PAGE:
NCRA Believes New CRC Certification Will Increase Industry Demand

The National Court Reporters Association (NCRA) represents professionals in the stenography, captioner, court reporting and legal videographer fields. The organization announced a new certification, which was recently approved by its Board of Directors. The Certified Realtime Captioner or CRC certification is a merging of the CBC (Certified Broadcast Captioner) and CCP (Certified CART Provider) into a single certification.

Search Digital Court Reporter Programs

Get information on Digital Court Reporter programs by entering your zip code and request enrollment information.

Sponsored Listings

The new certification comes as the need for captioning training continues to rise. The trend has been ongoing for years and the NCRA has developed the new certification as well as a workshop to meet the increasing demand for caption trained professionals. NCRA members will now have the ability and the tools to add captioning to their list of skills.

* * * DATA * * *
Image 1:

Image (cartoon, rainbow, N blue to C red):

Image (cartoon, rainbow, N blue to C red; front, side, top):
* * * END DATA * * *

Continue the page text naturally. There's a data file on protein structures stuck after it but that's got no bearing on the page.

This new program has been constructed to work with the TRAIN program to increase realtime productivity. The end goal is twofold: produce more certified professionals and give them the means to be successful.

The first workshop was rolled out at the NCRA’s 2015 Convention and Expo which was held in New York in July and was a huge success. Current CCP’s and CBC’s will be converted into the new CRC certification status as of January 1, 2016.

CRC certification candidates will be obligated to complete a captioning workshop and pass a realtime dictation skills exam. The skills exam can be taken before the workshop or vice versa.

The NCRA feels that this new certification increases the value of the certified individual and will be more easily recognized throughout the industry, which in turn will increase the demand for these services.

NCRA Board Member Heidi Thomas summed up the change by saying, “As the captioning industry has changed and expanded, NCRA members will benefit by developing and providing certifications and tests necessary to reflect sufficient writing ability and broad training.”